In addition to inhibiting the growth of these micro-organisms, the extract and fractions effectively reduced the epithelialisation period of experimentally-induced wounds which is an index of pro-healing activity. The precise aspect as well as the exact mechanism of wound healing affected by the extract and fractions is yet to be elucidated. In the tissue repair process, inflammatory cells promote the migration and proliferation of endothelial cells, leading to neovascularisation of connective tissue cells which synthesize extracellular matrices including collagen, and of keratinocytes resulting to re-epithelialisation of the wounded tissue [ 29 ].

In the wound healing process, collagen formation peaks at day 7 and epithelialisation occurs in 48 h under optimal conditions [ 30 ]. The extent to which the extractives interact with these processes is not known to us.

Phytochemical analysis of the extract and fractions indicated the presence of typical plant constituents such as alkaloids, saponins, sterols, terpenoids, carbohydrates, glycosides and tannins.

These metabolites are usually responsible for the pharmacological activities of medicinal plants. In addition to this, the documented identification of the abundant presence of saponins and tannins in the leaves of this plant [ 14 ] is implicating for these constituents in the activities of the leaf extracts, especially tannins, which have been implicated in the haemostatic activity of plants where they arrest bleeding from damaged or injured vessels by precipitating proteins to form vascular plugs.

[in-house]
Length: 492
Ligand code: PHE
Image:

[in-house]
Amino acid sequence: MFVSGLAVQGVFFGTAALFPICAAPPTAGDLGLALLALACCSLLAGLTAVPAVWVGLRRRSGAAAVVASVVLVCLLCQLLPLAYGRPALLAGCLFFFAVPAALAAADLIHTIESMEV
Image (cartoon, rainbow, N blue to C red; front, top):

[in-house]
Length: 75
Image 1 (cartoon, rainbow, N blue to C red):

To a reasonable extent, going by the quantified relative presence in the leaves of this plant and documented role in haemostatic activity, we may safely assume that the tannins in the extracts partly contribute to the activity since mechanisms other than vascular plugs formation are likely involved. The leaf extract and fractions of A.


Aspilia africana

Aspilia africana , also known as the haemorrhage plant or wild sunflower , [2] is one of about 50 species of the genus Aspilia. Aspilia africana is a semi-woody herb from a perennial woody root-stock to cm high. Leaves are cm long and lanceolate. The fruit are It is widely distributed across tropical Africa, occurring on grasslands , woodlands , forest margins, and abandoned cultivated zones. From Wikipedia, the free encyclopedia. Adams [1].


Herbs & People. Aspilia Africana: The Unique Anti-Haemorrhage Plant.

Several medicinal plants have been documented for their haematological effects either at low or high concentration but very little is known about Aspilia africana. The aim of the study was to investigate the acute effects of aqueous leaf extract of Aspilia africana at different concentrations on some haematological parameters in rats. Following 14 days of oral administration of aqueous extract of A. The results of this study further strengthened the earlier works on the medicinal benefits of Aspilia africana and its virtue as a good pharmacological source of haematopoiesis.


Box , Kampala, Uganda. Wounds remain one of the major causes of death worldwide. Over the years medicinal plants and natural compounds have played an integral role in wound treatment. Aspilia africana Pers. Adams which is classified among substances with low toxicity has been used for generations in African traditional medicine to treat wounds, including stopping bleeding even from severed arteries. This review examined the potential of the extracts and phytochemicals from A. In vitro and in vivo studies have provided strong pharmacological evidences for wound healing effects of A.